Pages

12.15.2010

RAISINS INSTEAD OF CHAMPAGNE

I love to run.  If you have been a follower of this blog you know that.  What you might not know is that I have loved running since I was a kid.  As I grew into adulthood my love of running, exercise and health expanded and deepened.  Age 30 was a magical time for me.  I loved being 30 for many reasons; I felt great about who I was, confident in where I was life, I was in great shape, I felt sexy, I was running, I loved the age my daughter was at 9 years old, I felt like I understood myself better than earlier in my 20's.  I don't know, but all those things added up to loving age 30.  Around age 32 things started to change for me as I grew extremely fatigued.  While running, after only a couple of miles, I would have to stop and sit down somewhere and rest while figuring out how to get myself home with no strength left.  Over the course of 6 months or more doctors were trying to figure out what was going on.  I was in shape, a health nut with eating while losing energy and weight rapidly.  I can remember the date - March 12, 1999 - my doctor called me at home after yet another battery of tests for everything you could imagine.  He asked if I was sitting down as he wanted to talk with me - explaining that after all these months of trying to figure out what was wrong I had Type I diabetes - juvenile diabetes.  He said they hadn't looked at that because of my age firstly coupled with the fact that I was in such great shape physically.  I was at a loss for words.  I asked him how someone my age could acquire Type I diabetes just like that.  His best guess was I had gotten a virus that destroyed my pancreas' insulin making ability, but because I was into exercise and eating right it had probably delayed the severity of it until now.  I would need to go back to see him and learn about a life of insulin shots to live.  As I hung up the phone  I was devastated, confused and already figuring how to conquer all at the same time.  My personality believes anything can be done and yet I felt betrayed.  I had done all the right things, but instead of champagne I had gotten raisins (hate them!).  I would use my self discipline abilities and apply them to this disease, I told myself.  Over the course of the next few years I found out that my discipline wasn't enough to conquer, to subdue.  On top of that diagnosis, I was struggling with other auto-immune diseases which complicated everything.  My health went from bad to worse.  I often tell people that chronic and/or progressive illness is tough enough just in the physical realm, but the emotional, mental and even spiritual battlefield is deep and treacherous.  I was not winning physically nor mentally, emotionally or spiritually.  One day, a few years into this diagnosis, I was sitting in my elderly endocrinologist's office.  He was a kind hearted man who cared about not just the body but the mind and emotions of his patients.  We were discussing my high level of frustration at not being able to control my blood sugar numbers consistently no matter what I did.  With tears in my eyes I told him that I had done all the right things leading up to this horrific disease and instead of champagne I got raisins.  I was angry.  That I couldn't seem to get past that in my mind or my relationship to God.  He listened intently as I poured out my heart about the physical part I constantly was experiencing but also not knowing how to fully move forward mentally.  As he leaned forward in his chair he took my hand and patted it, "Lynn, I don't know why you got a disease like this at age 32.  It doesn't make sense, maybe it never will.  It is what it is - horrific indeed.  You did do all the right things in life and did not get the result that they should bring.  You are doing all you can to care for this chronic illness and still not getting the result you want.  You have a very brittle form of this disease which happens when you acquire it at your age.  At some point you will have to know you are doing all you can but there is a segment of it that is totally out of your control."  As I stood to leave that day he hugged me as I cried over my inability to relinquish control even in fighting it daily.  My scrappiness was a blessing, but now a curse.  I wanted to be rescued by God and was angry He was not.  I wanted what I thought I deserved, a life free from this ball and chain.  I wanted the result that should have come from a lifestyle of exercise and healthy ways.  My heart and mind were blown wide open with this exception to the cause and effect principle.  I really wasn't in control - not of my health in preventing this, nor in successfully navigating its ups and downs.  In June of this year I was sitting in my doctor's office, a new doctor since early spring.  He and I were talking about how tenacious I am with wanting levelness daily to this disease and how that does not happen for stretches of time.  He is not a man of many words and was patiently listening to me share my frustration, which I have danced with off and on for 12 years.   When I came up for air he said, "Stop being so hard on yourself with a disease that is very fragile and very brittle in you.  Keep doing what you can as I know you do.  We will tweak some things, but there is much of this that is totally out of your control.  Go easy on yourself."   Going easy on myself is not something that my relentless self finds naturally easy to do.  Over these 12 years I have prayed and prayed and prayed to be healed of this particular disease and struggle.  God has healed me of other things, but at this time He has chosen to leave it in my life.  I have made peace with it as much as you can make peace with an enemy that resides in your house.  I continue to learn that most things are out of this relentless girl's control, and, that the cause and effect principle has many exceptions to its rule.  I am thankful that after some rough years physically I can run again.  I too am thankful that 7 shots a day and God allow me to live life.  So, maybe I did get some champagne after all - the gift of living.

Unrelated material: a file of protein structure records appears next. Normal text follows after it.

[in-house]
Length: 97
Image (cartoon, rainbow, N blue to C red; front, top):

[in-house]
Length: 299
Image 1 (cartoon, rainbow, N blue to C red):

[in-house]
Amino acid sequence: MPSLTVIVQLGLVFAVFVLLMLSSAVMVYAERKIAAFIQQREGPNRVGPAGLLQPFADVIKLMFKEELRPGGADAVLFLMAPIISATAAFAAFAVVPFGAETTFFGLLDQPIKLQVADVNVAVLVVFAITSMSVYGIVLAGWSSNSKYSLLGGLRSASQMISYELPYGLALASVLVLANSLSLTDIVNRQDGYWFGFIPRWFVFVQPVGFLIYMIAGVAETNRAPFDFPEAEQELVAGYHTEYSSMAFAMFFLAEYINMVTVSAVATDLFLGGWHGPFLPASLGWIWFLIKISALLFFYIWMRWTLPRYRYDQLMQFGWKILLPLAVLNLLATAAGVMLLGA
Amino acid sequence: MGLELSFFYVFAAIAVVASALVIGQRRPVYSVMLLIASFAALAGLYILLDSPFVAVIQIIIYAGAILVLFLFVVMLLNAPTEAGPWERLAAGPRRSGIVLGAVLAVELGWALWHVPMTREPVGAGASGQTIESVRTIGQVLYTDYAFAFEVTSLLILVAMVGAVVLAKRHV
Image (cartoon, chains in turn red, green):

3 comments:

  1. Ride the bubbles, savor the journey, and rise to the occasions!

    ReplyDelete
  2. Il semble que vous soyez un expert dans ce domaine, vos remarques sont tres interessantes, merci.

    - Daniel

    ReplyDelete